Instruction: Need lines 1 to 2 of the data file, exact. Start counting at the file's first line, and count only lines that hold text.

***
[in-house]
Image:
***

[in-house]
Image: